Accent Bias in Britain
I am Principal Investigator on the Accent Bias in Britain project, funded by the UK Economic and Social Research Council (Co-Investigators: Devyani Sharma, Dominic Watt and Christina Perry; Researchers: Amanda Cardoso, Yang Ye and Christian Ilbury).
Despite the pivotal role that accent plays as a signal of social and ethnic background in the UK, we know surprisingly little about the relationship between accent and life outcomes. The Accent Bias in Britain project aims to address this by examining the extent to which accent interferes with a listener’s ability to objectively evaluate a job candidate’s suitability for employment. Bringing together insights from sociolinguistics, social psychology and labour market economics, the project involves a number of different experimental studies designed to identify the presence and impact of accent bias in the real world. We are also developing tools and training materials to help tackle accent bias in different professional contexts. For further details about the project and our findings, see the Accent Bias Britain website.
Language, Sexuality and Nation
I have a longstanding interest in the relationship between gender, sexuality and nationalism and in how this relationship is played out through language. This was the subject of my prior research in Israel, and has been the focus of a number of recent collaborative projects.
For example, I have recently done collaborative research with both Tommaso Milani and Roey Gafter on sexuality, citizenship and discourses of belonging in Israel. From 2015-2019, I also led a British Academy funded project (with Tommaso Milani and Quentin Williams) looking at representations of gender and sexuality in the English, Afrikaans and isiXhosa print media. Prior to this, I conducted collaborative work with Paul Baker on gender and ethnicity in the UK, and with Ian Bekker on language and gender ideologies among White English- and Afrikaans-speaking South Africans. See my publications for further details.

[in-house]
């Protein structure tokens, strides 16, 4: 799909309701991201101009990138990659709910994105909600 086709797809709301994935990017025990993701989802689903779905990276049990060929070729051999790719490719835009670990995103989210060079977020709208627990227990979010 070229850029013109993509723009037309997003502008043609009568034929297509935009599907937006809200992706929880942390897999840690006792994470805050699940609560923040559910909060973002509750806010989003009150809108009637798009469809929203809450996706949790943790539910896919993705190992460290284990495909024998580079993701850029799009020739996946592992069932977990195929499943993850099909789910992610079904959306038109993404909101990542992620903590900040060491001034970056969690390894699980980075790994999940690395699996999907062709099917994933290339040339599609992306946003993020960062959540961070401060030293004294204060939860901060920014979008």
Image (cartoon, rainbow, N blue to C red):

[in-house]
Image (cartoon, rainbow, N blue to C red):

Variation in Southeast England
In recent work, I have been examining patterns of phonological change in the London area. This research has included an examination of the spread of “uptalk” in London, and how the use of this feature is perceived in the region. I have also been conducting research with Sophie Holmes-Elliott on /s/-variation in London and on the changing shape of the London vowel system. See my publications for further details.
Perception and Social Meaning
I am very interested in how variation comes to be associated with social meaning, and what these perceptual patterns can tell us about the mechanism of social cognition. This was the topic of my NWAV plenary in October 2018. I have published a number of studies on this topic over the past five years, including work on the role of stereotypes in sociolinguistic processing, on the functioning of the sociolinguistic monitor (with Sue Fox), and on salience across different levels of linguistic structure (with Isa Buchstaller). See my publications for further details.